“I like to think of myself as a polite person, but there are times when flipping the bird at people or situations is necessary. I specialise in the erotic literatures of ancient India and particularly focus on women’s narratives. A few years ago, my social group spread a story that I was a ‘corporate escort’—because I talk about sex. I had two choices: I could either offer explanations or try to win back my so-called friends, or say F-off and walk away. I chose to do the latter because it is important to have faith in yourself and your choices.
When I began talking about the Kama Sutra 20 years ago, no one was discussing it. But I was determined to introduce it to the world through platforms like the Victoria & Albert Museum and the British Museum, among others, to give it real credibility. This meant that my academics, language, and material had to be impeccable—so I actually studied it as a serious subject, (not just ‘read about it’), and turned it into something that one could discuss in classrooms as well as regular conversations.
Not that I took it up to break any rules. In my head, I was simply uncovering narratives that had been lost. However, people have a habit of discouraging the ones who might bring about a wave of change. I was told there is no such career as a ‘storyteller’, and that ‘pleasure’ was not a subject for polite society. I was also told that I couldn’t speak at a Mahabharata conference because of my ‘reputation’.
The taboos around female sexuality are so deep-rooted that women almost need permission to take ownership of their own pleasure. I wanted my kids to know about my work, and be proud of it, so I insisted that my work was never kept hidden from anyone. I have always worked at my kitchen table with at least 10 copies of the Kama Sutra piled up there at all times for my kids (or anyone else) to pick up, read, or ask questions whenever they wanted.
Reintroducing narratives from our ancient texts helps bring awareness and validation to break barriers. I brought the sari into the UK corporate sector, and long before diversity regulations, I was wearing saris to host management training and leadership courses. For several years, my work was dismissed, even cancelled. Having challenged that bias, today I am invited to corporate spaces, specifically in a sari, to help others find their voice or identity.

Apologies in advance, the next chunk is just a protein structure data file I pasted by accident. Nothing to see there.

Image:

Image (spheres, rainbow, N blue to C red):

But I have not always been this confident...in fact, I used to be very insecure. I felt I was ‘less than’ everyone else when it came to, well, everything—beauty, brains, talent, and I was desperate for approval. But, thankfully, I no longer care for what people think or feel the need to fit in. I have created a space for myself as a ‘narrative activist’, and my battlefield is these stories. As I try to change the world one little story at a time, I am thrilled to receive messages from women (and men) of all ages saying that they have finally found answers and the courage to explore their own pleasure, despite the disapproval of society. I have helped people change the way they perceive themselves, and reconfigure the ‘guilt’ narrative that we are fed, in order to control us.
I admire people who are measured and calm in their battles, who understand the power of ‘tiny steps’ and silences. Change is painful, it has to be done in the teeniest increments so as not to frighten those around you. And change is only effective if you can take everyone with you. Having the courage to practice the change I talk about and leading my life with my beliefs are the achievements I am most proud of.”